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How medical providers talk about death with teenagers facing life-threatening illnesses

Photo of Caitlin Sall
Caitlin Sall
“We’ve talked about advanced directives and wills and ‘What do I want?’ and it kind of took a while for my parents to be OK with wanting to talk about that with me," said Sall, who was diagnosed with cancer at the age of 14.";s:3:"u

A diagnosis of a life-threatening illness is an enormous shock wave to any family.

But there are extra challenges involved when that diagnosis happens for a teen or young adult. While their friends are getting ready for the prom or for college, they will be going through treatment and having tough conversations with family and doctors.

Photo of Cynthia Bell outside in front of brick wall
Credit Isabella Isaacs-Thomas / Michigan Radio
Cynthia Bell (above) specializes in end-of-life conversations with young people who are grappling with life-threatening illnesses.

Cynthia Bell is an assistant professor and research scientist at the Wayne State University School of Nursing, and has studied end-of-life conversations with teens and young adults.

Caitlin Sall is a nursing student at Boise State University from the Grand Rapids area. She was diagnosed with cancer on her very first day of high school, and has undergone myriad treatments and surgeries since then.

Bell has developed a tool that helps young people, like Sall, who are being treated for a potentially terminal illness, answer important, but often difficult, questions. Bell talked about the career experiences that prompted her to specialize in this field, and Sall shared what it's been like to manage her illness while making plans for the future.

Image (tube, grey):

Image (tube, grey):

Read some highlights from their conversation below, which have been edited for clarity.

Bell on how to determine if a patient is ready to talk about their condition 

“The tool that we developed is based on the construct of readiness, so it has three domains: awareness, acceptance, and willingness. So we find out how aware they are of their condition, how emotionally accepting they are, and what they’re willing to engage in as far as discussions go. But overwhelmingly, I have found that they are willing to talk and are thankful, generally, that someone is asking the questions.”

Sall on how talking to family helped her process her diagnosis

“I didn’t necessarily need somebody to start the conversation, for me, at least. I just needed somebody to listen. It wasn’t necessarily that I wanted them to reply or try to change my mind or anything of the sort. I just kind of wanted them to listen to my fears and hear me out at where I was in that moment. Just being able to say it out loud was kind of enough for me to get through it.” 

Bell’s advice for the loved ones of young people who have been diagnosed with a life-threatening illness

“I think just asking the questions, that’s the biggest thing. I mean you have to ask, and then you have to be willing to hear. What I’ve found with adolescents is that when they move into that open awareness with ‘Oh my goodness, I could die from this,’ they don’t want to stay there. They might want to be there for a moment, or for a time to process things, but they need to go out of that and you need to let them go out of that, and you need to let them be in those places where they have hopes and dreams and want to accomplish goals.”

This post was written by Stateside production assistant Isabella Isaacs-Thomas. 

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